Eurosport making most of media deal with unique production
Inside Eurosport’s offices at the International Broadcast Center in Pyeongchang, retired German ski jumpers Sven Hannawald and Martin Schmitt were recording an analysis segment in their native language. They’re on the same set Bode Miller will use for skiing segments later on, along with stars from at least three other countries.
Down the hall, the Norway control room buzzed with activity on the penultimate day before the opening ceremony. Kitty-corner, the Swedish room was also full. Two men walked by speaking French. Giving a tour to reporters was David Schafer, Eurosport’s American senior vice president of Olympic operations, and CEO Peter Hutton.
These polyglot, windowless offices are the proving grounds for one of the most surprising media rights deals in global sports: Discovery’s Eurosport acquiring Olympic rights in Europe through 2024 for $1.48 billion. Debuting at the Pyeongchang Games, the cable giant is eager to prove it’s not merely picking up where the old free-to-air broadcasters it replaced left off, but doing it better.
“How do you get to the point where you say that Discovery has done this differently?” Hutton said. “How do you raise the bar? Do people say, ‘I love that because of what Eurosport did with it?’”
It’s a complicated task. Eurosport’s rights cover 48 countries in numerous languages — all of Europe except Russia, France and the U.K., with the latter two coming online after 2020. It will show the Olympics on its free-to-air channels in Norway, Germany and Sweden in addition to its Eurosport cable and digital outlets across the continent.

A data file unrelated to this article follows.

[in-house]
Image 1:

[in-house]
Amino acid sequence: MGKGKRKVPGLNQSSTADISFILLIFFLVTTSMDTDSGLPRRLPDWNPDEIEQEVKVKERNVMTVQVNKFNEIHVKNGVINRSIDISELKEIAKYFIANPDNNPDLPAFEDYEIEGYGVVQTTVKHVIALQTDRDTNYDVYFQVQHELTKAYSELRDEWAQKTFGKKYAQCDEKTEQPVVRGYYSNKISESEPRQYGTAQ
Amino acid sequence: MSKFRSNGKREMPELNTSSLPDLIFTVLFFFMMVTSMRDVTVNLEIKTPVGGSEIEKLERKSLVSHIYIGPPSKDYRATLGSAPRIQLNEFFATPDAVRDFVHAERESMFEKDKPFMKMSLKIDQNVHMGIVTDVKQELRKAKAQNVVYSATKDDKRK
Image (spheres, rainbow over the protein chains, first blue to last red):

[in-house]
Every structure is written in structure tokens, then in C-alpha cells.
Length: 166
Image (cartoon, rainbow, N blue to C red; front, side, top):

With 900 workers in Korea and 1,200 back in Europe devoted to the Games, Eurosport is tackling the Olympics with the idea of letting their country-specific broadcasters create the show they want with the benefit of a powerful shared-service agency above them, said John Honeycutt, chief technology officer.
For instance, Eurosport has 96 remote camera positions at the Olympics available to the entire organization to share, allowing different countries to dip in and out of sports without committing to a spot for the entire Games.
The set that Hannawald and Schmitt were on earlier in the tour has been dubbed “The Cube.” It’s a generic white box studio that supports a digital background which can be customized by sport and enhanced with highlights and graphics to aid in the analysis.
“The scale allows us to make that big technological innovation, the budget to setting up something like this,” Hutton said. “And then you roll in and out lots of local presenters in lots of local languages, so everyone looks like they’ve got high-tech German content, or high-tech Polish content. And that way, you’re using your spend to create a local impression.”